Safety questions over attempts to cut waiting time
Roger Sowry National Health Spokesperson
21 November 2001
Safety questions over Minister's attempts to cut waiting times
More concentrated radiotherapy treatment is being considered for cancer patients to cut growing patient waiting times.
National's Health spokesperson Roger Sowry revealed today that the Ministry of Health has suggested that radiation oncologists consider more concentrated radiotherapy treatment as an option to reduce the number of treatments cancer patients need to increase waiting list throughput.
Waikato District Health Board's October 2001 report confirms this issue is being discussed seriously by health boards. We have been told more concentrated treatments were discussed during conference call meetings between the MOH, administrators and radiation oncologists from the six cancer treatment centres. "There is no evidence that more concentrated radiation treatment is safe and stops the reoccurrence of cancer. In fact we have been told that some oncologists opposed the suggestion because of 'late effects' ie. the treatments could damage normal tissue and nerves and that this damage could be permanent.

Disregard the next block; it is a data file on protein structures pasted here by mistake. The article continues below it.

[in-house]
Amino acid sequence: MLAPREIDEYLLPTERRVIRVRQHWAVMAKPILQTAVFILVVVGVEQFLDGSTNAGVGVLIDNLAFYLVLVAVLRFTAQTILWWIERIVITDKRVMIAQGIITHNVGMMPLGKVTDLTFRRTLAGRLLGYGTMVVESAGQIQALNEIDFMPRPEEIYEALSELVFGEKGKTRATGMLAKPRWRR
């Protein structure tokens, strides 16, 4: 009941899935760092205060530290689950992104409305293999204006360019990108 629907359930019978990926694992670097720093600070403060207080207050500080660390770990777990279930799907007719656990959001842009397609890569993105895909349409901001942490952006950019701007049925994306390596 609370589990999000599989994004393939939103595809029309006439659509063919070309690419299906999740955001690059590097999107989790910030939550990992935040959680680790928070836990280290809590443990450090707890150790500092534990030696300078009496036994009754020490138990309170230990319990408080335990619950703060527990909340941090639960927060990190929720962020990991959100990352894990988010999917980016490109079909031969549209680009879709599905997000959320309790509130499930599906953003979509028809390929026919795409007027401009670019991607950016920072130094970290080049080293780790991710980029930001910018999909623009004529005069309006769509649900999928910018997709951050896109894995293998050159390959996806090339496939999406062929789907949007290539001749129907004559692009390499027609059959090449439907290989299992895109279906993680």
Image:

"Cancer patient waiting times in New Zealand have been getting worse for some time despite Annette King's pre-election promises to reduce waiting times.
"The Ministry's proposal is a politically driven response to an extremely serious blow out in waiting times for radiation treatment. Rather than being based on what is best for patients it is driven by the Minister allowing waiting times to blow out so badly she suddenly needs to deal with it.
"This proposal is not from specialist radiation oncologists who have the clinical expertise in the area, and there are serious question marks over whether or not this is a safe practice.
"This is not a time to experiment, this is a time to find the resources for cancer treatment. That is the Minister's job.
"The Minister and her Ministry must justify why they would think of bringing in this method of cancer treatment when it is not proven to be safe or in patients' best interests," Mr Sowry said.